By Jesse Marx
By Chris Parker
By Jake Rossen
By Jesse Marx
By Michelle LeBow
By Alleen Brown
By Maggie LaMaack
By CP Staff
Because we all secretly entertain the idea that a vast reservoir of greatness lurks untapped somewhere inside us, and that someone with Yoda-like insight will come along and unleash that special ability, we find ourselves fascinated by the spectacle of makeovers. At least, that's the rationale I use to explain the plethora of programs on TV featuring some poor sucker submitting to the whims of people who presumably know them better than they know themselves.
That most of these programs are baldly in need of their own production makeover is somewhat ironic. Only MTV's I Want a Famous Face has the skillful editing and musical soundtrack of a polished TV show. But, in another example of unintentional irony, the presentation behind these shows ultimately proves less important than their unruly content--which is another way of saying that what truly matters is who they are inside.
ABC's Extreme Makeover, which qualifies as a forebear in this gore-spattered reality genre, is like much of ABC's other programming, which is to say, it's creatively neutered. Part of the problem is that the show's narrative weaves around each week like a celebrity on her way to a third DWI: Now the makeover subjects are talking about their self-esteem! Now they're getting surgery! Now they're babbling about fulfilling their potential! Now a bunch of ersatz tastemakers are rushing the still-bandaged beauty into what feels like a bargain basement reenactment of Julia Roberts's shopping scene in Pretty Woman!
While the great permeability between high and low fashion may be the most invigorating and democratic thing about American style, there's no way around the basic fact that the makeovers on this show look cheap. We see these guinea pigs poured into Cher-like couture gowns--and I have to admit, I held my breath until I heard host Sam Saboura correctly pronounce "couture," because it seemed unlikely for a while--before being painted and coiffed by a team of L.A. experts. But nobody bothers to pay attention to the way the subjects comport themselves.
As a result, you get woman after woman wrecking her big "reveal," as recent subject Kacie did by lurching into a hotel lobby with terrible posture and an even worse high-heeled gait. A real makeover team would include a Henry Higgins to provide lessons on self-confident posture and carriage--thus selling the idea that the people who've gotten the makeover really have undergone a profound transformation. What these women have gained is a spackling knifeful of foundation makeup and a dress they can't zip up for themselves.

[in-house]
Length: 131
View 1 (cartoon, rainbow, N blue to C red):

It's even harder to swallow on Fox's makeover entry, The Swan. At least ABC presents its show with a benign premise--rescuing the ugly from themselves. Fox clearly encouraged The Swan's producers to tap into the ugly side of that transformation fantasy: the competitive advantage that being beautiful offers. The results are not pretty.
The Swan's premise--16 formerly average-looking women are turned into megababes and pitted against one another for a meaningless beauty-pageant title--is the first clue that improving women's self-image is nowhere on the show's agenda. The second is the scene in which the panel of experts meticulously details all the physical shortcomings each untransformed woman has. The contestants are complicit in this damaged-goods inventory, damply detailing their many flaws with great drama and even greater distortion of perspective. When one moderately cute woman sniffled that middle school had been awful because she was so ugly, I actually snapped at the screen, "Everyone's ugly at age 12. Get over it!"
A lot of lip service is paid to how the contestants are renovating the inside as well as the outside. But the reveals, in which the women see themselves in a mirror for the first time in three months, don't really support that argument. Woman after woman stands there and babbles about her new beauty while show creator Nely Galan--a real-life embodiment of Jennifer Coolidge's character work in Best of Show and A Mighty Wind--simpers about the virtues of "embracing transformation."
And again, they still haven't taught these women how to stand up straight or walk in high heels. Everyone here lurches toward the mirror as if they just had an epidural.
After the sheer ugliness of The Swan, MTV's I Want a Famous Face is a refreshing change for two reasons. First, it completely ditches the myth of self-empowerment through makeovers and embraces the lunacy of pulling a surgical All About Eve on Brad Pitt. Second, it's a slick MTV package, with clear infographics, strikingly framed shots and fast cuts, and a modern-feeling soundtrack.
I Want a Famous Face may well be the most honest extreme-makeover show, and it's probably not a coincidence that this is the only one where the subjects pay for their own surgery. The program lets the subjects explain in their own words why they think their lives will improve once monster-sized Pamela Lee bazooms are stuffed into their chests. And the editing slyly raises questions about the wisdom of celebrity worship.
You can chew on the irony of icon-maker MTV presenting this notion when you're averting your eyes during the extended surgery scenes. This is the grossest of the shows. Every grinding, tearing, and cutting sound can be heard while a sea of blood and bits of random flesh jiggle or ooze around. All I could think while I watched an episode where a pre-op transsexual attempts to become more J. Lo-like was that it's rare to see such a direct metaphor for self-loathing: Every procedure, from lowering a hairline to adding buttock implants, seems to broadcast a bone-deep desperation to obliterate oneself and be someone else.
After spending a few hours on any of the other shows, you may be filled with self-loathing too. Lucky for you, all you have to do is change the channel.